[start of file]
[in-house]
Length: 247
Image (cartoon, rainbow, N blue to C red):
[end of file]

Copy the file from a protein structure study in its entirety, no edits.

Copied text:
[in-house]
Length: 247
Image (cartoon, rainbow, N blue to C red):